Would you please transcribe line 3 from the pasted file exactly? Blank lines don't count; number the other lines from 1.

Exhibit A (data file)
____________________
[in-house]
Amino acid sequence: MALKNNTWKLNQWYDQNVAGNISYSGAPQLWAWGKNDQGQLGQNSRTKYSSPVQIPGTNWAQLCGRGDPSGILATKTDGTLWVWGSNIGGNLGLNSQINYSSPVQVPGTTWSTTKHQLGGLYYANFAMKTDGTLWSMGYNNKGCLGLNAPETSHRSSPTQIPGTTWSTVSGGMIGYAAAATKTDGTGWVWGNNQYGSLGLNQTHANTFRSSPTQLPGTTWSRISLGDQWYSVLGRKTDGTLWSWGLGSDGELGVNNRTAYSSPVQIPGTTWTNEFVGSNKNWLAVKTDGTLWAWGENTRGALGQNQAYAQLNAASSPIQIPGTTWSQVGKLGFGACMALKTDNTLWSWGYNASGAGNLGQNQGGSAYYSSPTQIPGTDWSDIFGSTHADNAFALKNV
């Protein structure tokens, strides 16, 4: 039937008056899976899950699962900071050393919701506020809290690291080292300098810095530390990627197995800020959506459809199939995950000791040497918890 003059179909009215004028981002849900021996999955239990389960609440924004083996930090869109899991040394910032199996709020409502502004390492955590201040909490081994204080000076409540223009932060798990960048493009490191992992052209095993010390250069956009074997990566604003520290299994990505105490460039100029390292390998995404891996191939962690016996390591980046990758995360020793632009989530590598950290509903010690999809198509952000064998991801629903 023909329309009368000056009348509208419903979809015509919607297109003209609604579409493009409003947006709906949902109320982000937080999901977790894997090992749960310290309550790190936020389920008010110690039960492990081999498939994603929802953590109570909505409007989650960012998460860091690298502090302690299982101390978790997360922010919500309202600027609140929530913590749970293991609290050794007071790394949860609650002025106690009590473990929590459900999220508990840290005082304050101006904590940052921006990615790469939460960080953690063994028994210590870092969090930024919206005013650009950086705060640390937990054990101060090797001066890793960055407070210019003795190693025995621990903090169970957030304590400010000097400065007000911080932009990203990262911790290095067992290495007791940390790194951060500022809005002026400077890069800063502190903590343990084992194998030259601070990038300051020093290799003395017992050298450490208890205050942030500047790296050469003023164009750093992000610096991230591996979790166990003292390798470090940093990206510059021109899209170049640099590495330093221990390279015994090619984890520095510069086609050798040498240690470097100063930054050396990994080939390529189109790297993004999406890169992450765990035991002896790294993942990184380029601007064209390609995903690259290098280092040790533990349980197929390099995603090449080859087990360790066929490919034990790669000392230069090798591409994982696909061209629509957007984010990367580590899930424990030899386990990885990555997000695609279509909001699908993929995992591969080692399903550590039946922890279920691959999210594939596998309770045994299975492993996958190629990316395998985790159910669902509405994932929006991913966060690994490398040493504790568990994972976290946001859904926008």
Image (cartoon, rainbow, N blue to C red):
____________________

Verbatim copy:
């Protein structure tokens, strides 16, 4: 039937008056899976899950699962900071050393919701506020809290690291080292300098810095530390990627197995800020959506459809199939995950000791040497918890 003059179909009215004028981002849900021996999955239990389960609440924004083996930090869109899991040394910032199996709020409502502004390492955590201040909490081994204080000076409540223009932060798990960048493009490191992992052209095993010390250069956009074997990566604003520290299994990505105490460039100029390292390998995404891996191939962690016996390591980046990758995360020793632009989530590598950290509903010690999809198509952000064998991801629903 023909329309009368000056009348509208419903979809015509919607297109003209609604579409493009409003947006709906949902109320982000937080999901977790894997090992749960310290309550790190936020389920008010110690039960492990081999498939994603929802953590109570909505409007989650960012998460860091690298502090302690299982101390978790997360922010919500309202600027609140929530913590749970293991609290050794007071790394949860609650002025106690009590473990929590459900999220508990840290005082304050101006904590940052921006990615790469939460960080953690063994028994210590870092969090930024919206005013650009950086705060640390937990054990101060090797001066890793960055407070210019003795190693025995621990903090169970957030304590400010000097400065007000911080932009990203990262911790290095067992290495007791940390790194951060500022809005002026400077890069800063502190903590343990084992194998030259601070990038300051020093290799003395017992050298450490208890205050942030500047790296050469003023164009750093992000610096991230591996979790166990003292390798470090940093990206510059021109899209170049640099590495330093221990390279015994090619984890520095510069086609050798040498240690470097100063930054050396990994080939390529189109790297993004999406890169992450765990035991002896790294993942990184380029601007064209390609995903690259290098280092040790533990349980197929390099995603090449080859087990360790066929490919034990790669000392230069090798591409994982696909061209629509957007984010990367580590899930424990030899386990990885990555997000695609279509909001699908993929995992591969080692399903550590039946922890279920691959999210594939596998309770045994299975492993996958190629990316395998985790159910669902509405994932929006991913966060690994490398040493504790568990994972976290946001859904926008």